When Sharon Ambrose awoke one morning last week and found that she could not see out of her left eye, the uncertainty of the past several weeks finally was made clear.
She had multiple sclerosis.
"I'm happy to have a diagnosis," Ambrose said, with the crisp candor that she displays on the dais as the Ward 6 representative of the D.C. Council. "I'm confident that with medication and proper adjustment of my schedule I will be fine."
Ambrose, 60, spent most of the summer with her doctor trying to figure out the cause of the pain and numbness in her face and legs. Initially, she said, her doctor ruled out multiple sclerosis, deciding instead that she had had a severe attack of shingles. The council member, who has held the Ward 6 seat for 2 1/2 years, came back to work last month, using a cane to help her walk because of continued weakness in her legs.
But when she partially lost vision last week, Ambrose said, "that pushed it into the definite column" that she had the incurable disease.
Multiple sclerosis is a chronic disease that affects the central nervous system. People who develop it experience a range of symptoms, including muscle weakness, blurred vision and fatigue. The symptoms come and go without warning. Although the disease progressively gets worse, it does not necessarily shorten a person's life.
The disease is treated with interferon, which helps modulate the body's immune system and reduce the frequency of flare-ups.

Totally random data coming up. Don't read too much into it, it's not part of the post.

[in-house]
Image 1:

Ambrose said she will start taking her medication--an injection every other day--this weekend. She said her husband and three adult children will help her adjust to the regimen.
The Democratic council member said her illness has had little effect on her ability to do her job. She said she can see well enough to move about. Her staff uses extra-large type in preparing written materials.
Since the diagnosis, "I've participated in about four hearings, co-chaired one committee hearing, held a committee mark-up [Thursday] on three resolutions," Ambrose said. Yesterday, she attended the 200th birthday party for the D.C. Navy Yard.
"I think people will be understanding that, at least until after the first of the year, I'm not going to go to community meetings four days a week and all day Saturday," Ambrose said. "I've been doing 60, 70 hours a week. I'll do it 40 [hours a week] for a while."